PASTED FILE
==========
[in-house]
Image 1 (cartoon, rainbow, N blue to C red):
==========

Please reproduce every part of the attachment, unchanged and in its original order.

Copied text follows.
[in-house]
Image 1 (cartoon, rainbow, N blue to C red):